My roses were in bloom, and I found myself eager to paint roses once more.
Cream and Lilac Roses: Plan Stage
For a painting this complex, I need to allow myself a week of full-time work. I divide each day into two seven-and-a-half-hour shifts, so I am effectively working two full-time shifts per day for the week.
Fresh flowers will wait for no one. Certainly you can slow down, and probably should towards the end of the work, but in the first block-in stage, you are painting a moving target, and the faster you can get that initial block-in complete the better. It takes a lot of stamina to paint a vase of flowers well.
Painting an oil painting is similar to writing a novel: you start off loose and work broadly, and not until the block-in has been done do you return to detail and complete the work.
The rough-in phase is like the first draft for the writer. Try to keep going forward and don’t stop to edit or fiddle with any part. Keep the ‘plot’ or story you are telling in mind.
After a lovely day in the studio garden with my husband Reg, I invited a friend around, picked some roses and planned the colour harmony for the floral arrangement. Choosing a quality stretched canvas and working with the world’s best quality oil paint, Maimeri Puro, I blocked in the first stage of a painting of these beautiful lilac and ivory roses with the coral pink snapdragon from my courtyard garden.
Cover the whole canvas.
The work is unfinished at this stage.
A work like this will require a huge amount of time to complete.
The third stage involves refining the painting, and the fourth stage involves developing the details.
I approach my novel writing the same way I paint—first I plan and then I roughly block in the plot. Only then do I begin to refine and provide detail. A novel needs harmony, balance, and passages of light and shade, just as a painting does. Both need the integrity of an original concept and no copying of others work. There is enough in nature to inspire us without the need to plagiarise.
It was a lovely, relaxing night. An art student friend visited to see the work progress. I wanted her to see and understand that even the professional artist does not produce a detailed work in the first draft.
With the canvas covered with the first impressionist block-in and the tonal pattern and colour harmony well defined, I added a little stand oil to the paint where I needed to apply a crisp, detailed edge. I also increased the intensity of some of my dark-value areas.
I removed some of the paint with a rag and added a few of the smaller light-shade and colour shapes. I blocked in some rose buds that had not been added in the initial block-in stage. I enjoyed painting this rose bouquet, and I love the colour harmony.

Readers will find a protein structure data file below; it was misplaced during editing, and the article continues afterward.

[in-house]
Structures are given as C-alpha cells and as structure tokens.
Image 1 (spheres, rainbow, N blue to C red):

The shapes, tones and colours that make up the arrangement of roses were progressing well at this stage. It took a few more days of work to complete.
Here, I am still working on the third stage of the painting: refining.
The final stage involves detailing the painting with buds, stems and more leaves, giving the work a more three-dimensional look and greatly improving the composition.
This stage can take a long time. It is best to ‘look more than put’ rather than fiddle with the work if unsure what it needs. This is the time to make only those brush strokes that count and restrain yourself from over working the painting. Paintings are ruined at this stage though overworking.
While you can see the roses I am using to the side of the painting, you need to realise I began painting these roses thirty-six hours ago, and they are no longer the same flowers, having opened more today and twisted in the vase, as live flowers do. So I am painting as much from memory now as I am from the live flowers.
I feel confident I am painting ‘a good one.’ That’s not arrogance; it comes with experience and the knowing when something is 'working.' I would love to frame this one in a soft-cream antique frame with green-grey verdigris in the corners and crevices. That is my vanity at work, already planning the way to show off the work at its best.
As the painting has progressed, the roses have wilted and been replaced by fresh ones. This explains why the flower painter must work quickly. Painting a large fine-art floral painting requires physical stamina.
Below is the previous stage before I began to add the delphiniums.
Lilac, Cream and Apricot Roses (above)
Roses and Delphiniums, the final painting (below)
Both variations of the painting work, and as this will be popular for the print market, I can utilise the before-and-after versions of the painting.
The images of artwork are copyrighted © to Ryn Shell, artist.